However sordid the lives of these early islanders, and however feeble their contributions to Darwinian science, they undoubtedly helped to put the Galápagos on the map. The archipelago today is a wonder of science and tourism and, as countless David Attenborough documentaries have attested, as varied in culture and wildlife as its Pacific brothers. It’s the wildlife that has been most under threat in its history, but there have been a few recent signs of improvement.
The tortoise, from which the islands get their name and their most cherished icon, was hunted to near extinction. Four of the subspecies that Darwin noted after his arrival can no longer be found, with the death of one member of the Pinta Island subspecies, nicknamed ‘Lonesome George’, the last to die in 2012. Overall numbers plummeted from around 250,000 to around 3,000 during the islands’ discovery and occupation up until 1974, when real efforts to quell the decimation began, yielding an upward curve in their numbers, leaving us at around 20,000 today.
Now a recent expedition has given tortoise fanatics the world over (hands up, people) reason to celebrate. In 2008, scientists from Yale University found traces of DNA from the extinct Pinta and Floreana subspecies in tortoises from other islands. The discovery heralded hope that these subspecies can be revived through selective breeding, meaning Lonesome George might not have been so lonesome after all. These captive tortoises are currently being reintroduced to their native islands, similar to the recent reintroduction of Española Island tortoises that helped stabilise the Española ecosystem.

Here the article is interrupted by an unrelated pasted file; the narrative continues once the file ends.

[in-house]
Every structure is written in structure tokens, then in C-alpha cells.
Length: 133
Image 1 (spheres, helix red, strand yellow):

Aside from the Galápagos’ lovably slow-crawling, trademark residents there’s a treasure trove of animals here who are unafraid and camera-friendly. The relatively small amount of predators on the islands means that visitors can cosy up to sea lions, land and marine iguanas, blue-footed boobies, penguins and cormorants without the horrible gut-punch of rejection. The fact that most of the names for animals here start with ‘Galápagos’ implies the rarity and uniqueness of the wildlife to be found on these islands.
If you’re searching for a holiday experience like no other, it’s likely you’ll find it on the Galápagos Islands. Headwater runs two different types of walking holidays: Darwin’s Enchanted Isles tour, taking in those marvels of isolated evolution and the Central & Remote Northern Islands tour, swinging by Floreana Island – the setting for the unsolved drama which unfolded in those early settlement years. Whichever you choose, prepare to immerse yourself in the most unique island life.